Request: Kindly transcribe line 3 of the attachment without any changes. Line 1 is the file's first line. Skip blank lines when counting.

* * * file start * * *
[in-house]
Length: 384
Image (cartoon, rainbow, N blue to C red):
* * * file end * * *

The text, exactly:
Image (cartoon, rainbow, N blue to C red):